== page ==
Wednesday, December 27, 2006

Christmas Comes But Once a Year (Thank You, Jesus)

Christmas 2006 in the McPhail household is officially over.

Relatives have been seen, gifts exchanged, and the tree has been undecorated, dragged outside and set aflame for a giant weenie and s'mores roast (good thinkin', Zachariah).

Fortunately for us all, this year was pretty uneventful--especially compared to years past. I know that one year, my Grandma faked a heart attack and we all spent the night in the ER (somebody needed attention, apparently). One year, while passing out gifts, the hulking 9-foot Christmas tree (fully loaded with enough glass ornaments to fill a Pier One) fell over and almost took me and my brother out permanently. (A vast majority of the ornaments shattered on the tile floor, which in turn almost led to the amputation of our feet from all of the glass that became embedded in them.) One year, my house burned down. Yep, true story.

When I was younger, Christmas was this looming date of tremendous excitement and endless contemplation. It seems as though it eventually became more of a chore--so much work shopping and decorating, visiting relatives that I would rather not see at all, arranging travel plans and work schedules in order to meet deadlines and such. Having kids brought the excitement back, for sure, and reestablished the pleasure of so many Christmas customs. For that I am thankful.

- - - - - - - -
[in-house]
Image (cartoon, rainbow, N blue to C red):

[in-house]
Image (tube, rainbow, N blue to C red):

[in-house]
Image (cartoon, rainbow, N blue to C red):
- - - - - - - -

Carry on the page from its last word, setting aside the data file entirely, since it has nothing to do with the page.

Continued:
However, there is a part of me that is always relieved to take down the tree, clear out the tinsel and lights, and throw away the boxes and bows. To feel relieved that we made it through another Christmas with family intact, loved ones nearby, and to mourn the loss of those whom we are without for the first time at the holidays. And to take a breath and say a prayer that we will all be together to celebrate Christmas another year.

Wednesday, November 22, 2006

Things I think, but do not say

On Thanksgiving, it's pretty normal for somebody to ask me what I'm thankful for at some point. That's a good thing, it makes me think. However, I often find myself hesitating and mentally running through my list of "Things I'm Thankful For" in search of a response that is actually appropriate. Because, you see, due to my natural sarcasm, most of the things I'm thankful for, are not, in fact, appropriate dinner conversation material.